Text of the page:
The Denver Post - - BUSINESS - By Aldo Svaldi

Colorado’s rush of new­com­ers has slowed, but the state still added enough peo­ple to sur­pass Min­nesota in sheer num­bers, ac­cord­ing to es­ti­mates from the U.S. Cen­sus Bureau re­leased Tues­day.

Colorado added 91,726 peo­ple be­tween July 1, 2015, and July 1, 2016, push­ing the state’s pop­u­la­tion to 5,540,545 and into the 21st spot, just ahead of Min­nesota.

Colorado’s rate of pop­u­la­tion growth fell from 1.89 per­cent last year to 1.68 per­cent this year. That ranked sev­enth, be­hind Ore­gon and ahead of Ari­zona.

“The slow­ing in the en­ergy in­dus­try due to lower prices slowed us rel­a­tive to our neigh­bors,” said state de­mog­ra­pher El­iz­a­beth Garner.

Last year, Colorado ranked sec­ond only to North Dakota in pop­u­la­tion growth. But North Dakota dropped off the charts. Wy­oming, an­other re­source de­pen­dent econ­omy, was among eight states that lost pop­u­la­tion.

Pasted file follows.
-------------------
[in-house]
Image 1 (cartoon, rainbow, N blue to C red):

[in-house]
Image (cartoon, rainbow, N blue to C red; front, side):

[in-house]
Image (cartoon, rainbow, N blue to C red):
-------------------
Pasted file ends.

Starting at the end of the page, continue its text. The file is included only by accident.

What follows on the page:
Utah led the na­tion with a 2.03 per­cent gain in pop­u­la­tion, while Texas led in terms of the num­ber of peo­ple gained — 432,957. Illi­nois was at the other ex­treme, los­ing 37,508 peo­ple.

Garner said about one-third of Colorado’s pop­u­la­tion in­crease, or 30,300, was nat­u­ral, mean­ing more peo­ple were born than died. About two-thirds, or 60,700, rep­re­sented mi­gra­tion.

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